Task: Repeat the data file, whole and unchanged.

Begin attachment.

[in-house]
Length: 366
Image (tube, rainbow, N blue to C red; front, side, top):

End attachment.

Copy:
[in-house]
Length: 366
Image (tube, rainbow, N blue to C red; front, side, top):